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July 8, 2009

Mid-Century Menu – Ginger Beans with Spam

Jiffy Cooking001Oh yeah, it’s that time again!  Welcome to this week’s Mid-Century Menu, where I take a recipe from my collection of vintage cookbooks, cook it, and force my husband to eat it for dinner.  The catch is, we don’t pick a recipe because it looks good.  We pick it because it looks terrible.

This week’s recipe comes from the Better Homes and Gardens Coobook, Jiffy Cooking.  This book is part of a rather large Better Homes and Gardens series, all of which were publish between 1955 and 1980 or so.  This book was published in 1968, and I think this is one of the newest recipes we have ever cooked from.

Now, the great thing about the Jiffy Cooking cookbook is that is uses canned or pre-packaged foods almost exclusively under the guise of “quick” cooking.  Instead, I think all they accomplish is vile cooking. Which makes me really excited about this book.

Why?  Because I am a glutton for punishment. Hot dogs, canned beans, spam, dried packaged beef, canned potatoes, canned sauerkraut, all of these things play heavily in the recipes in this books. There are even some canned things I have never heard of.  Like canned macaroni and cheese.

That’s right. You read that correctly. Canned mac and cheese. We are through the looking glass here, people.

But since I have never SEEN canned mac and cheese before, I was forced to pick something with easy ingredients to find.  Trust me, it is a hard choice when about half the recipes are worthy of the “honor”.

Ginger Beans

Ginger beans. Simple, easy and weird.  I think anything that has cookies and Spam in it is instantly qualified for the Mid-Century Menu.  The only other recipe with meat and gingersnaps I have seen is an altered version of the German dish Sauerbraten.  Which actually ended up being quite good.

In any case, let’s ruin some food!

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There were so few ingredients this time, I had to put out the salt to round out the picture.  Notice the retro ketchup bottle. It was a great birthday present from Hub’s parents.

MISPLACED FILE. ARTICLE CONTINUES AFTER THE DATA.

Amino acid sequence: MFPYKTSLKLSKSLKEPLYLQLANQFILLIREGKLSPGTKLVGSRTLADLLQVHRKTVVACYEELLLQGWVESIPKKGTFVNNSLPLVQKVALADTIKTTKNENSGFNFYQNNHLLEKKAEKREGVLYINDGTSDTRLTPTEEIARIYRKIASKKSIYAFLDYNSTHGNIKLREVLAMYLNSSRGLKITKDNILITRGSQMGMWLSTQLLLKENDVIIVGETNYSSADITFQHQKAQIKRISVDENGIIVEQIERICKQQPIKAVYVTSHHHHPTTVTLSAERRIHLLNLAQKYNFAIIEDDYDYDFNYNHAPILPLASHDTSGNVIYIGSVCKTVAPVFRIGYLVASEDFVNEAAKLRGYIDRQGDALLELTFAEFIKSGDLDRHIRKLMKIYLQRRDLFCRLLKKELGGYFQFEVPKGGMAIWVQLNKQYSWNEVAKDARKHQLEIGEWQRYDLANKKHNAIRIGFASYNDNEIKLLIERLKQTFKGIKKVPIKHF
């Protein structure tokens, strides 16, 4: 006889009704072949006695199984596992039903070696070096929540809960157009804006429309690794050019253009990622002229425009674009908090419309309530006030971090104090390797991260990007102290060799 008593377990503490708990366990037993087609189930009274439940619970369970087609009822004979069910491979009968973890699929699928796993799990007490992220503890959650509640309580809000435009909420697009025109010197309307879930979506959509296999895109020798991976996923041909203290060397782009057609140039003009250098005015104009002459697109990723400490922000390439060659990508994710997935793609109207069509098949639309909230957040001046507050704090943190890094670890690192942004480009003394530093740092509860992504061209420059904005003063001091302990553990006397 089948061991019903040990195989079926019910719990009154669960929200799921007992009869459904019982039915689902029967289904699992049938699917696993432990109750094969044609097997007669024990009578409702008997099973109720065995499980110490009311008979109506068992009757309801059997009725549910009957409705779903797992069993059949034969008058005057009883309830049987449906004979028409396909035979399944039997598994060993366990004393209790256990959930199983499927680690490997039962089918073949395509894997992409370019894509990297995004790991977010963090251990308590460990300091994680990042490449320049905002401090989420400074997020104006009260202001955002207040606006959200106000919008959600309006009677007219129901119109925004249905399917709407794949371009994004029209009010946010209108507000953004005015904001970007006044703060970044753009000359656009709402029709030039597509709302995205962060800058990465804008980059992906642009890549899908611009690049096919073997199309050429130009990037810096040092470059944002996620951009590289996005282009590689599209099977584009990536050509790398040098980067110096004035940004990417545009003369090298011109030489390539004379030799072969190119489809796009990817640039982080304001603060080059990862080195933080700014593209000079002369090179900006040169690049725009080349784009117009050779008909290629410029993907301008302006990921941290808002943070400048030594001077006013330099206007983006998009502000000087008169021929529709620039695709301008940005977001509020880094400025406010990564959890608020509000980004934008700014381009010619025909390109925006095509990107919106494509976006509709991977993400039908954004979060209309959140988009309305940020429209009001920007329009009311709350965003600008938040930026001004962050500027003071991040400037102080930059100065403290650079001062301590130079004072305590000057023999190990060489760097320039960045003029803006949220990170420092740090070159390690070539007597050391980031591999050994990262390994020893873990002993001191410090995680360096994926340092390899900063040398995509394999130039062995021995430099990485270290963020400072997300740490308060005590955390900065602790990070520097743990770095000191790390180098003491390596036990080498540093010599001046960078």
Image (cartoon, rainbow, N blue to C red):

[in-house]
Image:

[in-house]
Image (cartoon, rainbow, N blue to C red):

Look how happy the gingersnaps are. Little to do they know they are about to get snuggly with that generic Spam. Sigh. Sometimes I think I enjoy this too much.

Ginger Beans 007Crushing the gingersnaps into a fine meal.

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Can’t forget the secret ingredient of all jiffy cooking: ketchup.

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The completed bean mass, ready for the Spam slices.

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Carefully laying out the slimy slices. Look at the grace! The finesse!  Okay, okay, so they kept sinking into the beans. How is that my fault?

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Here we are, ginger beans fresh from the oven. Honestly, I baked them for about 30 minutes more than the recipe recommended, and I uncovered it for about the last 15 minutes.  After the first 30 minutes it still looked disturbingly…moist.

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Plated and ready to be et. Notice the mixed veggies and wholesome glasses of milk.  I’m trying, I really am.

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Hubs “enjoying” his first bite.  After which he said, “It just tastes like…baked beans. Really sweet baked beans.”

Actually, we were both a little disappointed that the finished product was edible.  It basically tasted like sweet, sweet baked beans.  The saltyness of the Spam, which usually makes it inedible to me, actually counteracted the sweetness in the beans, so if you took a bit together it almost became good. Almost.

The Verdict: Very Sweet, but Edible

I have to commend this meal for being pretty fun  and fast to make.  Crushing the gingersnaps and placing the Spam actually was good fun. The end product was just so incredibly sweet and salty, that I can’t imagine it being good for anyone at all. Ever.

This post has been linked up with Vintage Thingie Thursdays at ColoradoLady’s blog! Head over there and check out the vintage goodness!